African Americans have made significant contributions to the business landscape globally. Unfortunately, the road to success for black entrepreneurs has several obstacles. While the number of black-owned businesses has increased, black entrepreneurs should contend with very tough barriers. For instance, even though funding is a standard challenge for small businesses, it is especially more challenging for young black entrepreneurs.
That said, below are a few ways black entrepreneurs can overcome adversity in the business realm:
- Understand that money isn’t the only form of capital
Most female black-owned businesses raise an average of $30,000 as starting capital. While this might seem a lot, successful startups in America require up to $5 million as starting capital. You might need more if you intend to run a charitable organization or plan on giving back to the community. Unfortunately, most black entrepreneurs don’t have access to generational wealth or investors who can offer millions for their businesses.
As such, young black entrepreneurs should look beyond money when looking for capital. They should be resourceful and find creative ways of kickstarting their businesses. While raising money is crucial, investing in themselves and those around them is important. Young black entrepreneurs should also focus on acquiring new skills, such as web design and marketing basics, to save on normal startup expenses.
Cash-strapped small businesses can benefit immensely from connecting with the local community. Placing the business in front of potential customers, primarily through community engagements, is important. Meeting new people, online and offline, connects startups with employees, customers, and potential investors.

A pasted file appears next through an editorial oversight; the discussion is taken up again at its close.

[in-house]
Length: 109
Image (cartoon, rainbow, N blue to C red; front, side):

- Be patient
Businesses don’t succeed overnight. Therefore, young black entrepreneurs should accept to ‘fail forward’ to be successful. Running a business is like watering seedlings. While initial efforts might seem fruitless, progress isn’t noticeable until the seeds sprout. According to the BLS, 20% of small businesses fail in their first year, and 50% fold up by the fifth year. Only a third of small businesses survive up to 10 years.
That said, black entrepreneurs should remain patient and brace the hard times. Even if customers don’t buy now, tough economic times don’t last. They will be back in the future. Entrepreneurs should keep in touch with leads and former customers through email marketing and other promotional means.
The Bottom Line
Young black entrepreneurs should brace business barriers and market challenges to succeed. Fortunately, unlike before, support for black businesses has increased, with organizations like NAAIA Foundation offering a helping hand to young entrepreneurs.